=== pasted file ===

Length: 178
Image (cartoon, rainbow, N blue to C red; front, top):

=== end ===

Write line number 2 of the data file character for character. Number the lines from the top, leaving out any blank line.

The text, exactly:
Image (cartoon, rainbow, N blue to C red; front, top):